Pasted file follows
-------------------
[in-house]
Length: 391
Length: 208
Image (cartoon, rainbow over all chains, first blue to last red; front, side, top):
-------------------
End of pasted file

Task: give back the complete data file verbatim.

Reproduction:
[in-house]
Length: 391
Length: 208
Image (cartoon, rainbow over all chains, first blue to last red; front, side, top):